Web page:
- Series: Perennial Classics
- Paperback: 181 pages
- Publisher: Harper Perennial Modern Classics; 1 edition (2003)
- Language: English
- ISBN-10: 0060512636
- ISBN-13: 978-0060512637
- Product Dimensions: 5.3 x 0.5 x 8 inches
- Shipping Weight: 10.6 ounces (View shipping rates and policies)
- Average Customer Review: 4.4 out of 5 stars See all reviews (267 customer reviews)
- Amazon Best Sellers Rank: #7,115 in Books (See Top 100 in Books)
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Our Town: A Play in Three Acts (Perennial Classics) 1st Edition
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Pulitzer Prize-winning drama in three acts by Thornton Wilder, produced and published in 1938, considered a classic portrayal of small-town American life. Set in Grover's Corners, N.H., the play features a narrator, the Stage Manager, who sits at the side of the unadorned stage and explains the action. Through flashbacks, dialogue, and direct monologues the other characters reveal themselves to the audience. The main characters are George Gibbs, a doctor's son, and Emily Webb, daughter of a newspaper editor. The play concerns their courtship and marriage and Emily's death in childbirth, after which she and other inhabitants of the graveyard describe their peace. Considered enormously innovative for its lack of props and scenery and revered for its sentimental but at bottom realistic depictions of middle-class America, Our Town soon became a staple of American theater. -- The Merriam-Webster Encyclopedia of Literature --This text refers to an out of print or unavailable edition of this title.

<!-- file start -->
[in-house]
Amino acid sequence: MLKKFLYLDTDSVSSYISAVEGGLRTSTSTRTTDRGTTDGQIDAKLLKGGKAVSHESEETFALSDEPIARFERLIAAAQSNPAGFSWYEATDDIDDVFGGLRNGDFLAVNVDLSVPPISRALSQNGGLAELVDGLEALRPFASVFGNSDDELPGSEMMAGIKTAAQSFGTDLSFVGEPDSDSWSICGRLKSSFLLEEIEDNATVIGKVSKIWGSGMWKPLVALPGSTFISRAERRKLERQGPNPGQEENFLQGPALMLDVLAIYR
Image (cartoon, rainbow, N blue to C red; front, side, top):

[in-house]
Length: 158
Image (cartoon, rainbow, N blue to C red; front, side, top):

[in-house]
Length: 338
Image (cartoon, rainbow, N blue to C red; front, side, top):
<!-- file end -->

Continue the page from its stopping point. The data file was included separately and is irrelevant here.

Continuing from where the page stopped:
About the Author
Thornton Wilder (1897-1975) was an accomplished novelist and playwright whose works, exploring the connection between the commonplace and cosmic dimensions of human experience, continue to be read and produced around the world. His Bridge of San Luis Rey, one of seven novels, won the Pulitzer Prize in 1928, as did two of his four full-length dramas, Our Town (1938) and The Skin of Our Teeth (1943). Wilder's The Matchmaker was adapted as the musical Hello, Dolly!. He also enjoyed enormous success with many other forms of the written and spoken word, among them teaching, acting, the opera, and films. (His screenplay for Hitchcock's Shadow of Doubt  remains a classic psycho-thriller to this day.) Wilder's many honors include the Gold Medal for Fiction from the American Academy of Arts and Letters, the Presidential Medal of Freedom, and the National Book Committee's Medal for Literature.
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Top Customer Reviews